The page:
According to the Insurance Information Institute (III), wind/hail damage is the highest property claim type in terms of loss frequency. Water damage/freezing comes in second on this not so great list. With this in mind, I would like to give you a few tips to prepare your property for the upcoming winter months so that you can minimize your chances of being a part of these statistics.
Ice, snow, and wind can cause devastating damage to your home. Fortunately, on the inside of your home, there are several preventative steps you can take before winter arrives to avoid not only the expense, but also, the inconvenience that follows from a winter time property claim.
- Check your property’s insulation: Allowing too much heat to escape from your home can allow precipitation on the roof to melt and refreeze. This leads to more ice build-up which can add significant weight to your roof as well as potential for ice dams. Well-insulated basements and crawlspaces also help to protect from frozen pipes.
- Water pipe maintenance: Be sure to confirm that water pipes in attics, crawl spaces, and outside walls are protected with insulation over the piping. You can also check your pipes for the presence of cracks and leaks. Take this time to also confirm that water pipes to outside spigots have shut-offs engaged to prevent freezing.
- Have your heating system serviced: Regular servicing helps insulate you not only from the inconvenience of having your system go out in the middle of the winter but also the threat of a furnace fire.
- Know your water shut-off locations: Speed is critical if your pipes do freeze. You have a much better chance at containing damages if you can quickly get the water to the pipe turned off.
- Back-up power source: In the event of a power outage, continuous power will help prevent frozen pipes. Consider purchasing a generator to help you ensure safety and ideal temperatures inside your home.
On the outside of your home, proper preparation can also save you trouble down the road.
- Clean gut gutters and/or install gutter guards: Clean gutters allow melting snow and ice to flow freely. This helps prevent ice damming, which occurs when water is unable to drain. This water can seep into your home or make the gutter so heavy that it collapses.
- Proper sealing of doors and windows: Taking the time to check your window and door sealing can make your home more efficient by stopping cold air from entering. If these areas are cracked, reseal them with window/door caulk.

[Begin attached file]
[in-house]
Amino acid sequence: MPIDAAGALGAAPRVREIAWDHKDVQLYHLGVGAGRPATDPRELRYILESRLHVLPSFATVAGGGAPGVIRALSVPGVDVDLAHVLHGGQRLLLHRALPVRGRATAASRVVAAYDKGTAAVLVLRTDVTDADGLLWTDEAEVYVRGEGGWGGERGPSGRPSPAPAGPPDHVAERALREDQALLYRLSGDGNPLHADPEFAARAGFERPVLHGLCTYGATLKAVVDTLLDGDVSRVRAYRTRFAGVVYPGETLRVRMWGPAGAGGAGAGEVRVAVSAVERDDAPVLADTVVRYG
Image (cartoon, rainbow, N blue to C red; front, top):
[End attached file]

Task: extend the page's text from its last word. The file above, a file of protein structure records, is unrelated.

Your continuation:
- Repair steps and handrails: Everyone knows that slip and falls become much more prevalent when the temperatures plummet due to snow and ice. Take the time to ensure that your steps and handrails are sturdy and not in need of repair.
Last, while inspecting the outside of your home, take time to inspect and maintain the trees on your property. Look for any low hanging branches near your house or road that may need trimmed. Confirm that trees on your property are not beginning to rot and lose structural strength. This can help protect your home from damage as well as you from possible liability to another for damage caused by a rotten tree.
Generally speaking, if your property is damaged, you are responsible for the damages. It doesn’t matter if the tree or limb came from your property or someone else’s property. This is because a windstorm is an act of nature, it is no one’s fault. You will want to confirm you have insurance coverage to protect yourself from unforeseen losses such as this.
However, what if there is evidence that a property owner did not act reasonable in maintaining a tree that caused damage to another property? Let’s assume that a rotten tree on your neighbor’s property falls onto your property and causes damage for which your insurance carrier may pay. If your carrier feels that a third party is responsible for the damage, it may pay for your damages first, but then also go after the responsible party (known as subrogation). You may then receive some or all of your deductible back after the completion of the subrogation action.[i]
How does your home stack up with these preparations in mind? As a Malay proverb suggests, prepare the umbrella before it rains.
[i] Please note that the standard for putting a property owner on notice of a potentially rotten tree varies from state to state. Some require written notice to a property owner of a rotten tree, some oral, and some do not require notice at all.
The information above is of a general nature and your policy and coverages provided may differ from the examples provided. Please read your policy in its entirety to determine your actual coverage available.
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